On December 23rd we were at my parents’ home for a family gathering. Everyone was there, all the grandchildren and children. This was the first time in five years Dave and I had been in Canada for Christmas and the first time we had all been together in much longer since often people in our family travel over Christmas. My Mom was in good spirits even though she’d had dialysis in the morning and hadn’t been able to nap because she was so excited about the family Christmas party.
We had a great meal. I had roasted the turkey, my first in many, many years and it was a success thanks to good advice from my friend Esther, the friendly butcher at Safeway who helped me pick it out, and my Dad who helped with the carving and gravy. My sister-in-law Kathy had made creamy mashed potatoes and a crunchy salad, my brother Ken had roasted a spicy vegetable medley and brought this great cheese bread and my sister Kaaren contributed the cranberry sauce, punch and a pyramid of cream puffs covered with white and dark chocolate for dessert.
My Dad had planned a nice little reflection time for after the meal. Here, my niece, Amanda is reading the Christmas story from Luke 2. Just before that my Dad asked my daughter-in-law Karen, who is going to have a baby in April, to read the story where the angel Gabriel tells Mary she will have a baby. Then Dad asked representatives from the different families to light candles and he read this prayer written by Rabbi Lawrence Pinkster from Winnipeg’s Shaarey Zedek Synagogue.
In a world of so many ways of being human, may this season enable us all to see that we are valued and loved for our uniqueness, not for our conformity to someone else’s definition of us.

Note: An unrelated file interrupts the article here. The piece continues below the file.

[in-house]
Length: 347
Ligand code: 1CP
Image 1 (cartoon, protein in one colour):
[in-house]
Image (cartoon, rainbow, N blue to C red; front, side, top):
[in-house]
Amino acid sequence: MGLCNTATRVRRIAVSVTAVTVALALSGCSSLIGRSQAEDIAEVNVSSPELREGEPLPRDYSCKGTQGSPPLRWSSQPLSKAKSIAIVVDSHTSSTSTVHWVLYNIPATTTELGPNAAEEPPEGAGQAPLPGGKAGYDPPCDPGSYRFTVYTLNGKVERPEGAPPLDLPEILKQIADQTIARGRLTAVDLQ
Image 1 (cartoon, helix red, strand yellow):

Judging from the wild diversity of humankind, God seems to delight or find reward in our creativity, which reveals remarkable facets of what it means to be human. We, humans, are like countless varieties of beautiful flowers in a vast planetary garden.
There is so much to appreciate and celebrate if we would only use the light of this season to see each other with love and respect.
My Dad said he was glad in our family we have been able to get along and treat one another with love and respect.
Here, my brother, Mark is explaining the present exchange. We had each brought a gift and so there were twenty to choose from. There are rules about stealing the gifts of others, but only a certain number of times. Families can plan strategy together in order to get the gift someone wants. My nephew Bryan was the master of this! He launched a five-step plan that allowed his brother Mark’s fiancée to keep the scarf knit by my son Bucky’s fiancée. I ended up with a beautiful framed photograph of a flower taken by my daughter-in-law Karen when she was in Jamaica.
My son Joel, who is from Saskatoon was very happy to end up with a Winnipeg Jets scarf. My Mom is holding her gift, a family calendar my sister-in-law Kathy makes each year, that has lots of family photos and the birthdays and anniversaries of everyone in the family marked on it.
A highlight of the evening was carol singing. My Mom played the piano which was wonderful. She can no longer see well enough to read music but she has a fantastic musical ear and was able to play all the carols by memory. We did a couple German ones in memory of my grandparents. Our little family of six sang Lo How A Rose in harmony a capella. It was the song our family sang in church together in Hong Kong at Tao Fong Shan on Christmas Eve in 2004 just before we left for Phuket where we experienced the tsunami.
What next? Well, there are a couple more days of celebrating left to go. I’m looking forward to them too.